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Thread: Swage 240-gr .44 Mag Jacketed Bullets from .40 S&W Brass Using 7x57mm Mauser Die

  1. #1
    Boolit Buddy Liberty1776's Avatar
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    Swage 240-gr .44 Mag Jacketed Bullets from .40 S&W Brass Using 7x57mm Mauser Die

    I may have posted this before, but this process works, and combines several skills you already have to produce jacketed 240-grain .44 Remington Mag bullets from pure lead 40 caliber slugs and .40 S&W spent brass.

    Watch Mannyca's video at https://www.youtube.com/watch?v=TC2Ad3k3kgg for exact procedure.

    I've done this and it works. My old Rock Chucker handled the stress just fine.

    Here's a summary board I made showing the process:

    Click image for larger version. 

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    Manny has moved his channel to https://www.bitchute.com/channel/eNHKe2S3e6YZ/

    Just be very sure to anneal the .40 S&W brass so it's really soft.

  2. #2
    Boolit Bub wilecoyote's Avatar
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    Liberty1776, thank you about the input: very tempting trick!
    I could try to feed my S&W 29s and maybe my .444 lever.
    I have several 8Maus. dies, a RCBS Ammomaster, .429 and .430 Lee Bullet Sizing dies at hand.
    at my local range I can scrounge some .40 spent case.
    at the end, it seems I should only fork some cash to order a Lee .40S&W mold_

    I've never done this, never swaged, therefore forgive my questions as comin'from a plain newbie:
    can I use Imperial Sizing Wax as lube in this job ?
    can I use swaged soft lead .41 bullets, (intended for use in 57 S&W, offered free by a buddy) after removing the lube, instead of .40 cal. slugs ?
    can 10Auto cases be used to be shortened instead of .40 S&W ?
    thanks for any answer...
    Last edited by wilecoyote; 06-15-2021 at 01:39 AM.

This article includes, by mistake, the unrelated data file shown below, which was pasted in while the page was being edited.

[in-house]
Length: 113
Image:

...next thing you know they'll want your pistol and your tobacco...

  3. #3
    Boolit Buddy Liberty1776's Avatar
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    Quote Originally Posted by wilecoyote View Post
    Liberty1776, thank you about the input: very tempting trick:
    I could try to feed my S&W 29 and maybe my .444 lever.
    I have several 8Maus. dies, a RCBS Ammomaster, .429 and .430 Lee Bullet Sizing dies at hand.
    at my local range I can scrounge some spent case.
    at the end, it seems I should only fork some cash to order a Lee .40S&W mold_

    I've never done this, therefore forgive my questions as comin'from a plain newbie:
    can I use Imperial Sizing Wax as lube in this job ?
    can I use swaged soft lead .41 bullets, (intended for use in m.57 S&W, offered free by a buddy) instead of .40 cal. slugs ?
    can 10Auto cases be used instead of .40 S&W ?
    thanks for any answer...
    If you watch MannyCA's video, he offers several variations as to rifle dies, but recommended the 7x57 Mauser. When I made these bullets, I didn't have the components, but found a very reasonably priced used 7x57 Mauser die at my local gun shop. In those days (early 2019 -- seems so long ago), Lee 401-175-SWC bullet molds were $20 at Amazon, too, so I bought one online. Now, they are "unavailable."

    I'm betting the Lee .41 slug (.401 bullet diameter) is designed for the Model 57 .41 Mag. It should work, because you are jamming that lead into the case as a lead core. The ram is forcing the soft lead to conform. Point is to end up with consistent weight bullets around 240 grains. Do your .41 slugs weigh around 175 grains? The point is to crush the lead into the case until the lead is flush with the mouth of the .40 case (or 10mm Auto) that has been shortened to .700 inch. The first action also reduces the .40 shell's rim to a boat tail so it never touches or harms the barrel and makes it easy to load into the .44 Mag shell. Then you reverse the bullet in the same setup, relube, and ram it in again. This puts a chamfer on what will be the front and pushes some lead out to form a conical softpoint.